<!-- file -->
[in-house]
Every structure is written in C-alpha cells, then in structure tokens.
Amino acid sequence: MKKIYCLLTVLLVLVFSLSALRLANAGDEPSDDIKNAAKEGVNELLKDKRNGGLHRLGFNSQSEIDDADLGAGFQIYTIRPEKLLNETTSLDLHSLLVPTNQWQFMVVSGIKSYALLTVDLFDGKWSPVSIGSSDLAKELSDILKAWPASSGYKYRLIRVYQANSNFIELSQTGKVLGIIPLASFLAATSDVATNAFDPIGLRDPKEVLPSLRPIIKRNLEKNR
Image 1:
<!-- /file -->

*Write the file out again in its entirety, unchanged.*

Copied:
[in-house]
Every structure is written in C-alpha cells, then in structure tokens.
Amino acid sequence: MKKIYCLLTVLLVLVFSLSALRLANAGDEPSDDIKNAAKEGVNELLKDKRNGGLHRLGFNSQSEIDDADLGAGFQIYTIRPEKLLNETTSLDLHSLLVPTNQWQFMVVSGIKSYALLTVDLFDGKWSPVSIGSSDLAKELSDILKAWPASSGYKYRLIRVYQANSNFIELSQTGKVLGIIPLASFLAATSDVATNAFDPIGLRDPKEVLPSLRPIIKRNLEKNR
Image 1: